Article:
Elkhorn Slough is the Cosmic Center of the Universe (so says MLML Alumnus Mark Silberstein… and we concur)

By Mary Yoklavich and Greg Cailliet (3 March 2016)

Aerial photo of Elkhorn Slough winding eastward from Moss Landing Harbor. [1973]

MLML’s students and faculty have been up to their hip boots in the mud of Elkhorn Slough for over 40 years. In 1974, just a few years after the Lab’s establishment, professors Bill Broenkow, Jim Nybakken, and Greg Cailliet coordinated the first comprehensive cataloging and collection of the Slough’s flora and fauna. This effort resulted in the milestone MLML report on the hydrography and ecology of Elkhorn Slough, Moss Landing Harbor, and nearshore coastal waters, which now serves as an invaluable baseline from which to evaluate ongoing change occurring in the Slough and surrounding environs.


Professor Cailliet and ichthyology students gill-netting sharks in the Slough.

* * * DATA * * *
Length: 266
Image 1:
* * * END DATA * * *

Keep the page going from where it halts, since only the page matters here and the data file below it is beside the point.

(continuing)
Winding seven miles inland from Moss Landing Harbor, the Elkhorn Slough provides refuge for more than 100 fish, 550 marine invertebrate, and 340 bird species. The Slough is a critical wintering and stopover site for birds migrating along the Pacific Flyway and has been recognized as a “Globally Important Bird Area” by the American Bird Conservancy and the National Audubon Society. Resident sea lions, harbor seals, and the greatest concentration of the endangered Southern sea otter on the West Coast also are all found in the Slough’s waters and on its shores. Spawning, feeding, nesting, and nurturing by a menagerie of organisms all take place within the Slough’s channels, mudflats, eelgrass beds, and salt marshes.